Shotgun Choke Combinations 101

October 11, 2022

Mike Schoonveld

Mike Schoonveld

Shotguns are different from rifles or muskets in that they fire multiple projectiles; most people know that. They can also use a shotgun choke. A rifle fires a single bullet each time the trigger is pulled. When a shotgunner pulls the trigger great bunches of pellets fly out the end of the muzzle. The pellets are actually round balls of lead, steel or other metal. Think BBs from a BB gun with the orbs varying in size, larger or smaller as needed.

How much larger or smaller? That depends…. “Buckshot” shotgun loads may only have the amount of pellets you can count on your fingers or fingers and toes. The number of projectiles in birdshot loads depends on the type of birds the shotgunner is planning to shoot. Generally speaking, the larger the bird, the larger the pellet. Goose hunters may load their guns with shells containing just over a hundred pieces of shot. Quail and dove hunters will likely choose shotshells with four or five times that number.

When to Use a “Straight-pipe” Cylinder-bore Shotgun

The earliest shotguns had barrels which were basically straight pipes. The diameter of the barrel just ahead of the breech was the same as at the muzzle. There’s nothing wrong with that. I’ve hunted with shotguns like that.

Except guns with straight cylinder barrels are best used for targets presented at extremely short range. When the charge of shot exits the barrel, some of the pellets fly pretty well straight, others tend to fly high, low, left or right. Put this newspaper on a fence 20 yards away, shoot it with a “straight-pipe” (called cylinder-bore) shotgun and the shot will perforate the paper corner to corner. Thus the nickname, scatter-gun, for such shotguns.

When to Choke a Shotgun

Shotgun barrel builders learned if they machined a slight restriction at the muzzle end of the gun, the shot would be less prone to wander as it went downrange. Think of how the water flows out of a garden hose, then think of how the water flows out of a hose with a nozzle on it. The water from a straight hose spreads out quickly, but as the nozzle restricts and directs the flow, the stream will narrow and squirt much farther.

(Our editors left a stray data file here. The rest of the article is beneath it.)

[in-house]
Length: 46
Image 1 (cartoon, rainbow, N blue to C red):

With a garden hose, the amount of restriction determines the width of the spray pattern. The same thing happens in a shotgun barrel. The restriction at the end of the barrel is called “choke.” A straight cylinder – no choke – throws a wide pattern, great for close in shooting. A slight restriction, called improved cylinder tightens the pattern a little, a medium restriction called modified choke, tightens the pattern even more and a gun with a full choke squeezes the shot even more.

Make a target out of a couple more pages of this paper. Shoot one with a full choke gun at 20 yards, shoot another with the same choke at 40 yards. At twenty yards, only the center of the page will have any holes. At 40 yards, the paper will look similar to the page shot with the straight cylinder at 20 yards, with pellets covering the entire sheet.

What Combination Shotshell and Shotgun Choke to Use

It used to be a fairly simple choice for shotgunners. Nowadays it’s very complicated.

When I started shooting shotguns the shotgun choke in the barrel was machined in place. Now, most shotguns come with interchangeable shotgun choke tubes and are not limited to improved, modified and full chokes. There are tubes marked extra-full, turkey, improved-modified and others, each featuring a slightly different amount of constriction.

Couple this with various types of shot now commonly fired from shotshells. Many are still loaded with lead pellets, but shells loaded with steel shot are almost as common, as well as shells loaded with tungsten, or other metal alloys. Each type of shot reacts differently when it squirts down a barrel and is squeezed by the choke at the muzzle.

It behooves a target shooter or hunter to know how his or her shotgun behaves. The only way find out is to fire some test patterns to see how the gun, shotgun choke tube and choice of shotshell interact. Go to a range or other safe area with newspapers or other targets and experiment with chokes and various shotshells to find out which combination of shotshell and choke works best for you at the distance the targets or game you expected to shoot will be when the trigger is pulled.

Article courtesy of The Sportsman. Click Here to subscribe to The Sportsman for more journalism, opinion and stories from the sporting life.

Read more about when to use a shotgun choke on iSportsmanUSA.
Photo courtesy of Unsplash


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